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Characteristics of Effective Communication

2nd July 2019 CHALLA 25 Comments

Characteristics of Effective Communication


The act of communicating sounds like it should be a simple thing. One person sends a message, and another person receives it. Easy, right? Unfortunately, effective communication is not always that simple, but understanding what makes this process work well can help you to become a better communicator.


Effective and healthy communication can only happen when the person sending the message is aware of and plans for specific characteristics that affect how the message is received and perceived by the other person.


If you want to improve your communication, then understanding these characteristics can help you plan and deliver your message more effectively.

The 7 Cs of Communication


Is Your Message Complete?

Did the receiver get all the information they need to understand your message? When you are communicating, it is crucial to deliver everything the listener or reading may need, so that there is less need for questions or fewer opportunities for misunderstandings to evolve.


Have You Considered Your Audience?

When communicating, it is vital that you understand and take into account the perspective, background, and prior knowledge of the receiver. You want your message to be heard, so if you start with statements that will offend the other person or are too technical for them to comprehend, you have failed your mission.

Considering the other person’s needs and experience will ensure you are more successful in reaching your goal.


Are You Communicating Courteously?

Courtesy is linked to consideration but moves beyond crafting a message that the listener can understand to sharing one that is respectful and polite, as well. Are you honoring the other person’s values and beliefs? Are you speaking or writing in a way that shows you respect their ideas and opinions?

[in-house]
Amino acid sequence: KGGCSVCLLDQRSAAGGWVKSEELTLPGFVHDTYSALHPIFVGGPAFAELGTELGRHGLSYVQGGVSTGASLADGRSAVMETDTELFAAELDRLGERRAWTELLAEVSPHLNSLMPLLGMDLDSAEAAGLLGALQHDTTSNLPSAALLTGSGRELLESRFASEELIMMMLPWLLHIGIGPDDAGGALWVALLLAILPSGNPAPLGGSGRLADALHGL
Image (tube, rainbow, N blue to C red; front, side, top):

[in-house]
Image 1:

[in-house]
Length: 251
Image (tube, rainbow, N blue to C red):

Are You Being Concrete?

When we share information or give an argument, tangible and specific are preferred to abstract and vague. Supporting your points with facts or examples is helpful. This lends credibility to your case and helps to avoid miscommunication.


How Concise is Your Message?

Sticking to the point and not wandering from your main idea means that the receiver can understand what is essential in your message. This allows them to process more quickly what you are sharing, which improves understanding and the entire communication process.


Is Your Message Clear?

When your message is clear, your receiver can more easily decode it in ways that are aligned to your intent. Lack of clarity causes most communication breakdowns. Make sure you are clear about your goal, then craft the most straightforward and accurate message to accomplish that. Use exact and proper words, which reduces confusion.


Are You Communicating Correctly?

Using sloppy syntax or grammar does not just influence the received perception of you and your message. It can also taint the meaning of what you are trying to communicate. Using correct punctuation, spelling, and sentence structure ensure that you and the receiver are on the same playing field, reducing the possibility of ambiguity, misunderstanding, or negative impact.


Tips for Enacting the 7Cs

If you want to put together a message that follows these guidelines, follow these simple tips to ensure that your communication is healthy and effective.

  • Before you communicate, simplify your thoughts, and determine your goal.
  • Remember that many words have multiple meanings. Choose them wisely to select the most appropriate for your message and to avoid possible misunderstandings. When in doubt, clarify your intent.
  • Your message should be consistent throughout. Make sure to ask yourself, “Does this support my intent?”
  • Be sure to use feedback to refine your communication. If the receiver is confused or upset, clarify your meaning, or point and ask for follow-up feedback.
  • The method of transmission is important, too. Some messages are best sent through writing, while others are better discussed face-to-face. Choosing the wrong message can lead to problems later on.
  • Communication is just about understanding others as they understand you. Make sure you are listening and observing just as much as you are talking.


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